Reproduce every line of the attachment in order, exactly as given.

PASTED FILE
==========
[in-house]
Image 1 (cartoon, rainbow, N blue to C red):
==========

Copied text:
[in-house]
Image 1 (cartoon, rainbow, N blue to C red):